October 2, 2013
Caltrain capped off Rail Safety Month with a film festival featuring student-produced films about rail safety.
In August, student filmmakers from Fresh Takes, a youth digital arts
program, received rail safety awareness training and toured the property
with Caltrain staff
to learn about the challenges faced by commuter rail systems operating
through a densely populated service area. Caltrain has worked for more
than 20 years to educate the Peninsula community about how to stay safe
while living, working and going to school near an active rail corridor.
with these students to produce rail safety messages is a powerful way
to help us connect with the next generation of Peninsula residents who
share their communities with our tracks,” said Chuck Harvey, Caltrain’s
deputy CEO, operations, construction and engineering. “These videos are a
powerful tool for reminding our youth that nothing is worth more than
The messages in the videos
were consistent — when near an active railroad, be aware, be cautious,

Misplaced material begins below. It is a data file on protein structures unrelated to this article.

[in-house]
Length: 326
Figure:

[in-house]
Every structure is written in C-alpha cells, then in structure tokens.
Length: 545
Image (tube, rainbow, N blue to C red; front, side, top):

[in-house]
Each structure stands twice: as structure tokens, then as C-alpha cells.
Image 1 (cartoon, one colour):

and be safe. The delivery of these core messages covers a wide range,
from powerfully emphasizing the tragedy of inattention to a more light
hearted approach to keeping kids away from the tracks. To view the
videos, visit Caltrain’s blog Peninsula Moves.
short video vignettes were produced and paid for through a rail safety
grant obtained by Caltrain from Operation Lifesaver and the Federal
Caltrain is committed to the three “E’s” of safety outreach: education, engineering and enforcement.
a partner with Operation Lifesaver, Caltrain’s certified staff
presenters spend time out in the community educating groups about rail
safety and reminding residents of the importance of awareness when
living and working near an active rail corridor. Caltrain’s engineering
team enhances railroad safety through fencing projects, grade
separations such as the one nearing completion in San Bruno and
pedestrian crossing and station design improvements.
Transit Police also play a pivotal role in enforcing safe behaviors
along the active corridor. In the past year, more than 600 people have
been removed from dangerous locations along the corridor. More than 50
people who were reportedly “in crisis” were escorted to safety, some of
whom had expressed thoughts of suicide.
The majority of deaths
on Caltrain’s tracks are ruled to be suicides. To address this sensitive
issue, Caltrain works with local mental health and suicide education
and awareness organizations to raise awareness and money to combat
mental health issues and prevent suicide.